Virtual reality and adaptive learning could soon become essential additions to the modern teachers’ toolkit. With games becoming more realistic than ever before, Greenwich University’s senior lecturer in disruptive technologies saw the perfect opportunity for innovation.
Dr Ioannis Paraskevopolous has been awarded a £30,000 industrial fellowship by the Royal Academy of Engineering and has teamed up with leading science and engineering company, Qinetiq, to bring his interactive learning experience to life. The Collective Innovative Training Environment, or xCITE as he calls it, is the digital classroom of the future.
We’ve all been there, crossing our legs in the crowd as our favourite band tears up the stage, putting off the inevitable trip. Eventually, however, we all have to admit defeat and give in to the reveller’s worst nightmare: The Festival Portaloo.
Combining a minimalistic design with some innovative engineering, industrial design engineer Virginia Gardiner has found the answer to festivalgoer’s prayers. Loowatt is an environmentally friendly, waterless-flushing toilet, bringing high-tech hygiene to the campsite; the award-winning design captures waste and turns it into clean, green electricity.
On the 12 January 2010, a catastrophic earthquake struck the Caribbean island of Hispaniola; its epicentre just 16 miles outside Haiti’s capital, Port-au-Prince. Over the following week, more than 52 aftershocks rumbled across the country, laying waste to more than a quarter of a million homes and taking the lives of an estimated 160,000 people.
In a bid to add their expertise to the effort, a pair of design graduates from Chicago set about creating a product to assist the post-disaster relief operations. With the primary survival needs of food, water and shelter already in hand, their thoughts turned to the night-time dangers that haunted the cities of emergency tents. With this came their solution; LuminAID.
Dr Robert Langer, winner of the 2015 Queen Elizabeth Prize for Engineering, has made headlines again this week with his latest in potentially life-changing drug therapies.
Hidden within the innermost section of your ear are thousands of tiny hair cells, detecting sound waves and transforming them into signals to send to our brains. These hair cells allow us to hear our favourite music, chat to our friends and listen out for the doorbell. Yet damage to these delicate cells is the leading cause of hearing loss, meaning more than 360 million people around the world miss out on these sounds.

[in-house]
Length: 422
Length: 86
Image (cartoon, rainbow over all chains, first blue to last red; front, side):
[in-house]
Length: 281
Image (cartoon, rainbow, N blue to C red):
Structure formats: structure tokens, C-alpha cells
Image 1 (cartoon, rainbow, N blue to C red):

The best – and worst – part of working in a startup is that there’s always something that needs to be done urgently, and it’s usually not something you’ve ever done before. When starting new projects, you sometimes benefit from what you’ve learned on previous ones, or from the experiences and best practices of your colleagues. Most of the time, however, you’re learning on the go, trying to figure out all the parameters of a problem while trying to solve it. Even when you find a solution, it will often still only be a prototype or the first iteration of many to come.
Who hasn’t played with building blocks when they were kids? There is no doubt that the castles, vehicles and miniature cities of our childhoods were the stuff of legend.
Yet games of this nature—those that enable you to design, construct and even problem-solve—are more than mere playthings. They stimulate motor skills and hand-eye coordination, they promote analytical thinking, and they encourage creativity through invention.
Four engineers responsible for the creation of digital imaging sensors were yesterday honoured with the world’s most prestigious engineering prize. The Queen Elizabeth Prize for Engineering is a £1million prize, celebrating world-changing engineering innovations.
Eric Fossum (USA), George Smith (USA), Nobukazu Teranishi (Japan) and Michael Tompsett (UK) were announced as the winners by Lord Browne of Madingley, in the presence of HRH The Princess Royal, at the Royal Academy of Engineering.